Remembering Hutch : Looking back at Europe’s highest paid performer for 20 years
What started out as an initial research project to appease a friend of her father, led to writer Charlotte Breese spending the following 10 years researching and writing a book about Grenadian singer and pianist Leslie Hutchinson or ‘Hutch’ as he was commonly known. In this podcast, recorded specially for MAG_BTMMusic Archive Gallery: Beyond The Music, she talks with Mykaell Riley, founder of the Black Music Research Unit, about Hutch’s extraordinary career as both a performer originating from the West Indies and as a celebrity in the first half of the 20th century. Listen below to the conversation...
Raised in Grenada in the West Indies, Hutch went to America aged 16, where he abandoned his medical studies to learn music in Harlem. He met Edwina Mountbatten and other socialites there, but having been threatened in Miami by the Ku Klux Klan, he departed for Spain, where he taught the Queen’s daughters to dance the Charleston. He was part of the international jet set, meeting the Prince of Wales and moving in ever rarefied circles. Leaving for Paris, he played in various famous nightclubs and became Cole Porter’s protégé before arriving in London in 1926 to play in several of the Cochran stage shows. His fame soared, eventually recording some 400 songs and singing in all the grandest cabaret venues in Europe.
Two years into her research, Charlotte inadvertently inherited Hutch’s archive which had been left at his girlfriend Joan Barclay’s house. Below she talks about her selection from the archive for MAG_BTM. All images courtesy of Charlotte Breese.
“This is a portrait of a very young Hutch in New York in 1917 at the age of 16. It was taken by a famous NY photographer Strand and was the first of many such portraits taken by society photographers such as Tanqueray and Baron. Hutch sent copies of it home to all his relations in Grenada to show them how well he was doing – spurious, since he was penniless and sleeping on a park bench! I have no idea how he had the money to have that taken – maybe someone paid the photographer on his behalf. But he got picked up by society in New York, completely his own doing.”
“I have some of his handkerchiefs in the archive. Hutch was never without one – he would have put it up his sleeve and brought it out to mop his brow while performing. It was a dramatic effect rather than a necessary one but he became known for that hence the card above.”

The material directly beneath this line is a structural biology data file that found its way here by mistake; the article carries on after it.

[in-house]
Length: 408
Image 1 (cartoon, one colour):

Joan Barclay’s diaries
“Joan Barclay was Hutch’s girlfriend evident in this calendar from 1929 when their meetings are mentioned repeatedly attending social events with him including outings to Nancy’s and Kettners, popular nightclubs in London. The calendar reveals the social aspect of their lives and how he was introduced to society through Joan Barclay. She was from a big family outside Bristol and had enough money to wear the right clothes and be presented at court. She was a pushy thing and determined to get Hutch which of course she did!”
“Hutch, always dressed immaculately, singing to a grand piano in the early 1930s.”
MAG have compiled a playlist of some of Hutch’s most popular songs. Listen below!
Variety Bill from the early 50s.
“I’ve got over fifty of these but many more versions too which are much larger. He is called ‘The Famous British Radio and Gramophone Star’, true as he released an inordinate amount of albums during his lifetime.”
“Hutch always played the number one pitches and had the number one dressing room naturally. Golder’s Green and Hackney Empire were his favorite venues, probably because they were big enough to hold his audience. He’d play to three to four thousand people at once and fill them each time. Apparetly you could hear a pin drop – literally – when he was on the stage.”
Hutch at Hackney Empire, 1936
“In his dressing room, this strangely contemporary portrait depicts a challengingly sexy and self aware young band leader in the late 1920s in London.”
Hutch at Maxim’s New York
This promotional leaflet is from Maxim’s in NYC from the 50s.
“This was one of Hutch’s favorite photographs of himself. I picked it up from a girlfriend of his in Kenya by chance who was married to a gypsy. He’s pictured here at the races – he did also like to gamble. He must be around 55 in the photo.”
Entertaining the Prince of Wales
“This would have been his cabaret card from when he was playing at Quaglino’s in London. He had a long season there in the 1930s and played most nights to people like the Duke of Windsor when he came over from Paris.”
Published by Bloomsbury, Charlotte’s book on Hutch can be purchased here.
”A fascinating portrait not only of a great performer but also of his world.’
‘The bare facts are intriguing enough, but Charlotte Breese’s admirable researches have revealed an even more richly picturesque figure than the one invented by Hutch himself.’